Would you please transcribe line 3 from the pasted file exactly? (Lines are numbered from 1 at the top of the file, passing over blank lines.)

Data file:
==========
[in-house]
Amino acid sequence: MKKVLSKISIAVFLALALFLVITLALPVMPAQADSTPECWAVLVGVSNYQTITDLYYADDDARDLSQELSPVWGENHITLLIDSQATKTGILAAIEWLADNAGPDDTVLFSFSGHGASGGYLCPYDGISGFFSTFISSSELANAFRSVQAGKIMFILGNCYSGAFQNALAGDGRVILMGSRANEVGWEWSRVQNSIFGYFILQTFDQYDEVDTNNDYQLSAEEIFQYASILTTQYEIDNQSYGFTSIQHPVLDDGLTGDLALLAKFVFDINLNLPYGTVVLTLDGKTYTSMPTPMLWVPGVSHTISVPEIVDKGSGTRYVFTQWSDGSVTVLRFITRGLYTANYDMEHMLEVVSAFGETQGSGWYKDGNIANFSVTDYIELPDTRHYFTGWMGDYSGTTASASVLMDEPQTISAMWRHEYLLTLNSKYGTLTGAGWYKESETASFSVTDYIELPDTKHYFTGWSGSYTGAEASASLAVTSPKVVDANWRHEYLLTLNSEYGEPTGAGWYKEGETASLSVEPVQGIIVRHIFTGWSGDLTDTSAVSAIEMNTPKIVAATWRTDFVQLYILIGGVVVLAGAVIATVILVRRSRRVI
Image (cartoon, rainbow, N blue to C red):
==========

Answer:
Image (cartoon, rainbow, N blue to C red):